Washington - The U.S. Department of Agriculture's Food Safety and Inspection Service (FSIS) developed new tools and guidelines that it hopes will ensure humane treatment and slaughter of livestock.
WASHINGTON — The U.S. Department of Agriculture's Food Safety and Inspection Service (FSIS) developed new tools and guidelines that it hopes will ensure humane treatment and slaughter of livestock.
Final guidelines for meat and poultry operations that want to use in-plant video monitoring were released by FSIS on Aug. 26.
"Compliance Guidelines for Use of Video or Other Electronic Monitoring or Recording Equipment in Federally Inspected Establishments" confirms that video or other electronic monitoring or recording equipment may be used in federally inspected establishments where meat and poultry are processed. The guidelines highlight the FSIS' expectations when video monitoring or recording equipment is used.
You can found the complete guiode at fsis.usda.gov/Significant_Guidance/index.asp.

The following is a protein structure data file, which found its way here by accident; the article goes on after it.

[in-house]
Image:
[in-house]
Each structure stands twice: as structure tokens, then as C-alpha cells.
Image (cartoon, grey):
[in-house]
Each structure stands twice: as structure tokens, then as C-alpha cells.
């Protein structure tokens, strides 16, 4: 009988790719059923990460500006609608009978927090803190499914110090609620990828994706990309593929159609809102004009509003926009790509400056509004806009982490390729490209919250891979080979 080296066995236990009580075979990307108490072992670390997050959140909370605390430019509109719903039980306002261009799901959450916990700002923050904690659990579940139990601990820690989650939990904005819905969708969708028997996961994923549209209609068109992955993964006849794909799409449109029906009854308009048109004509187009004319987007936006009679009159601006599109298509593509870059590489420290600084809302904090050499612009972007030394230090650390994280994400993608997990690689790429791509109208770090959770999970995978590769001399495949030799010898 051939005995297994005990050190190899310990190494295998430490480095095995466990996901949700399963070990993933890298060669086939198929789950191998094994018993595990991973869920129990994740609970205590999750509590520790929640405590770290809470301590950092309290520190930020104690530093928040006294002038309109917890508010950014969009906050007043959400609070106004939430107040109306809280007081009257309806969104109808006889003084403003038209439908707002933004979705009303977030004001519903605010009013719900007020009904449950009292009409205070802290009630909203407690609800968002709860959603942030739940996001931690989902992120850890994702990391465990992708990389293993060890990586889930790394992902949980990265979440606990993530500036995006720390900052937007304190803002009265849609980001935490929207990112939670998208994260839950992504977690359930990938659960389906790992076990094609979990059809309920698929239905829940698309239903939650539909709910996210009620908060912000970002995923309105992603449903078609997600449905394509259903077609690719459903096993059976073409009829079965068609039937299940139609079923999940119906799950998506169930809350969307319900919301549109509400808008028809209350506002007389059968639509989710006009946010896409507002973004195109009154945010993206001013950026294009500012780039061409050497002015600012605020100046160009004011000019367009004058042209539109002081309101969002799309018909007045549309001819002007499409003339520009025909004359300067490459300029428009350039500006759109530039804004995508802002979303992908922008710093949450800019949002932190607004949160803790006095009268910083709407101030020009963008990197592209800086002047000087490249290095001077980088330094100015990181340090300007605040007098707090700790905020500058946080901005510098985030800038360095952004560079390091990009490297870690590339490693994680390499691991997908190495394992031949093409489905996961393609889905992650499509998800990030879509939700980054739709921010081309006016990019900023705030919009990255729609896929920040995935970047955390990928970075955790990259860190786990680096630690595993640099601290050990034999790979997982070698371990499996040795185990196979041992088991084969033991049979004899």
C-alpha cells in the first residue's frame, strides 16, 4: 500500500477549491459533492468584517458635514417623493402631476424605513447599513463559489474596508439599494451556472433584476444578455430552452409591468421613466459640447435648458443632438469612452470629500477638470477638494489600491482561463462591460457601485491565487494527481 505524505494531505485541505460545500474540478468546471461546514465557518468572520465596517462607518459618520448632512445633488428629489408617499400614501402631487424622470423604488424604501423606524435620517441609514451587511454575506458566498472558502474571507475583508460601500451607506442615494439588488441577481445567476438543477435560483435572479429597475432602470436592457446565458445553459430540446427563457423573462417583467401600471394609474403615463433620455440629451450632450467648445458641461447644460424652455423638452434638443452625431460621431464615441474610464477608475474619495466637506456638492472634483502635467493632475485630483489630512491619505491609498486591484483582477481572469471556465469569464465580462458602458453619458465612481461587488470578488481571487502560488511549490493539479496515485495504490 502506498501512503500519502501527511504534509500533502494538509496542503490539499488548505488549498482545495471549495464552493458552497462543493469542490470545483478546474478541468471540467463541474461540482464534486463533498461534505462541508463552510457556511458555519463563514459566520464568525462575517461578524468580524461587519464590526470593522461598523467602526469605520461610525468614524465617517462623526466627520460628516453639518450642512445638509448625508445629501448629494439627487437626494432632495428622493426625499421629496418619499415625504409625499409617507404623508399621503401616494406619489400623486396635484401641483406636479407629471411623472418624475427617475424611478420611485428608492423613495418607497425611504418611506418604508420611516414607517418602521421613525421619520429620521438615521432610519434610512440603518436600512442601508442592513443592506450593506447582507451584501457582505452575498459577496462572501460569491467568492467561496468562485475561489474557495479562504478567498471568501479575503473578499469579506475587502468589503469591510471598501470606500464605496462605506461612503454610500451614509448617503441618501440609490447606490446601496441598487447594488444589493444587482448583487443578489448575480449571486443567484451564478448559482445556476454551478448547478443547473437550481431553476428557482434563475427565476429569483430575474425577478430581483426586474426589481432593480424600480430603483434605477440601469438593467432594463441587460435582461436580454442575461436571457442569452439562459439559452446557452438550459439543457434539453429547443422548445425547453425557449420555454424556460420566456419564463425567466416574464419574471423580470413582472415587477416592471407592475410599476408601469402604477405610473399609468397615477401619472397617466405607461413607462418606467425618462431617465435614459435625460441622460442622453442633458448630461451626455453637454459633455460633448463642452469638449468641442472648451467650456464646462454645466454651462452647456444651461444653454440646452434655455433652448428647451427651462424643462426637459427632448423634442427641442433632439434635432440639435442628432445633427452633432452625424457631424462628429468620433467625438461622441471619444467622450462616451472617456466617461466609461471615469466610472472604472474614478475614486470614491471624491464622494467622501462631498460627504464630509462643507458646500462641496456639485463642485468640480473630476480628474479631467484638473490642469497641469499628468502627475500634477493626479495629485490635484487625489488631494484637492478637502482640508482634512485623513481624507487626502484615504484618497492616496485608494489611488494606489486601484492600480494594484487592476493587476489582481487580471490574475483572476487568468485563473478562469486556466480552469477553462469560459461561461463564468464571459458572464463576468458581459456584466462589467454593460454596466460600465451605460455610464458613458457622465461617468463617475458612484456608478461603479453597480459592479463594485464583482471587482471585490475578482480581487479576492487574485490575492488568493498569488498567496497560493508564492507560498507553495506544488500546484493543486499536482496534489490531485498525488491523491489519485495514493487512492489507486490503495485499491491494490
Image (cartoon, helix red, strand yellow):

In addition to the surveillance guide, FSIS issued a directive Aug. 15 with new instructions for its own inspectors in regard to treatment of livestock during the slaughter process.
The directive seeks to "minimize the animal's amount of excitement, pain, injury or discomfort" and defines "egregious inhumane treatment" as "any act or condition that results in severe harm to animals, which includes the excessive beating or prodding of disabled livestock, stunning animals and allowing them to regain consciousness, or any treatment causing unnecessary pain and suffering."
The new director and surveillance guide is the latest effort to improve humane treatment of livestock, according to the agency. FSIS says it has been working to strengthen humane handling enforcement over the last two years.